Retail

Artists In Revolt: Supply Store Workers Vote To Unionize

March 6, 2014
By Joe Maniscalco

Workers at Utrecht Art Supplies are making history with the RWDSU.

Workers at Utrecht Art Supplies are making history with the RWDSU.

New York, NY – Low-wage workers in Greenwich Village have stood up to the largest art supplier in the United States and voted to join the Retail, Wholesale and Department Store Union [RWDSU]. 

In a 15 to 10 vote held on Tuesday, March 4, workers at the Utrecht Art Supplies store located at 21 East 13th Street near Union Square, chose to become the first unionized shop in the nationwide Blick Art Materials chain.

“I think the company really underestimated just how much time people had really put into this and how smart they are” lead organizer Stephanie Basille told LaborPress. 

Blick took over the venerable New York City-based Utrecht Art Supplies outfit in April of last year. It wasn’t long after that when workers say things started to change, and employee hours were slashed.

In response, the hard-pressed workers – many of them artists – reached out to the RWDSU and started organizing, officially filing for an election this past January. 

“When Utrecht was under different ownership, there was an atmosphere that was very conducive to nurturing workers as both employees and artists,” Basille adds. “Blick made it very clear that they’re just interested in cutting costs and not really investing in their workforce. The workers didn’t like that  – and pushed against it.”

Utrecht Art Supplies sales associate Paloma Zapata’s work schedule is limited to between 20 and 25-hours each week. The 25-year-old left her home in Virginia to pursue an art career in New York City, and recently began working at the Greenwich Village store, but almost immediately became involved in the RWDSU’s organizing efforts.

“It’s a changing year where we all need to wake up and figure out what’s going on,” Zapata says. “We’re all human beings and deserve a certain quality of life.”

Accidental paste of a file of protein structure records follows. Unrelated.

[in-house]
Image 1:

The successful vote to unionize the East 13th Street store came in the face of a coordinated anti-union blitz from management that included subjecting workers to numerous meetings where employees were held as a “captive audience.” 

“Workers were subjected to an aggressive anti-union campaign that included multiple meetings with top management and long pamphlets filled with distortions and lies,” Basille says. “The employees at Utrecht are incredibly hard working and passionate about what they do, and tried on multiple occasions to ask for basic things like better pay and having their hours restored.”

According to the RWDSU, the Blick takeover is indicative of an all-too-common citywide buyout trend where owners are “not interested in the product they're selling – just cutting costs, pushing people out and lowering working conditions.”

“But now, more people are willing to stand up to the status quo,” Basille adds. “One thing the company told us was, ‘Would you rather be working at Target or whatever?’ We turned that on its head and said, no – you can do better.”

RWDSU President Stuart Appelbaum lauded the Greenwich Village workers for “not giving in to company pressures.” 

“Workers throughout this country are speaking out for better working conditions and are doing so by choosing to come together with a collective voice through their union,” Appelbaum said. 

According to Zapata, the East 13th Street Utrecht Art Supplies staff is now “quietly celebrating" its victory.  

“Overall, the staff is excited and ready for the next move,” Zapata says.

Contract surveys are now being drafted and workers will soon have the opportunity to rate the items they most want included in a new contract. Employees will also soon be asked to nominate co-workers to the new bargaining committee. 

Blick management, meanwhile, says that it hopes its continuing “synthesis” of Utrecht Art Supplies will be “seamless” to the store's “valued customers.”

But just how “seamless” that process actually is, remains to be seen.

“Customers have built up a rapport with the sales associates and I think they would be very supportive of their efforts to make the store better for everyone,” Basille says. 

Artist Norman Gulamerian and his brother Harold started the Utrecht Art Supplies business back in 1949. There are still five other Utrecht Art Supplies stores located throughout New York City. The union hopes workers at those outlets are taking note of the East 13th Street employees' recent victory. 

"Hopefully, the success here will send a message to the five other NYC locations," Basille says. 

 

 

 
March 6, 2014

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